The public is being invited to comment on B.C. Ferries’ plans to run its six new Island-class ferries on battery-electric power provided the federal government agrees to pay for charging infrastructure.
B.C. Ferries would like to see electrification of the first vessel complete in September 2022.
By October 2024, upgrades to all six vessels and nine terminals would be complete, the B.C. Ferry Commission’s office said Thursday.
The company has been striving to reduce its environmental impact.
It said the Island-class electrification program would create jobs, reduce operating costs and provide quieter, cleaner service, and also cut total greenhouse-gas emissions by six per cent.
The program would only go ahead if federal money is obtained.
Projected costs were not included in a B.C. Ferries submission to the Ferry Commission office.
Comments can be emailed to firstname.lastname@example.org or sent by traditional mail to the B.C. Ferry Commission, PO Box 9279 Stn., Prov Govt. Victoria, B.C. V8W 9J7.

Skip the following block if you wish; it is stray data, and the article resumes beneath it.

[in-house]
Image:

The Coastal Ferry Act requires major capital expenditures to be approved by the Ferry Commission.
B.C. Ferries has two of the new Island-class hybrid diesel-electric ferries in service. Two more are on their way across the Atlantic Ocean heading to the Panama Canal and then on to Victoria.
Another two Island-class ferries are under construction in Romania.
The goal has been for all Island-class ferries to be modified to run solely on electric power.
On-shore infrastructure required to charge the vessels is not yet in place.
The Ferry Commission’s office said the plans would mean that nine terminals would be upgraded to provide shore-based rapid charging capability for ferries running from Powell River to Texada Island, Nanaimo to Gabriola Island, Campbell River to Quadra Island, and Port McNeill to Malcolm and Cormorant Islands.